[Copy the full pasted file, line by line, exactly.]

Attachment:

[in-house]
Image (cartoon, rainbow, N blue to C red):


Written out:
[in-house]
Image (cartoon, rainbow, N blue to C red):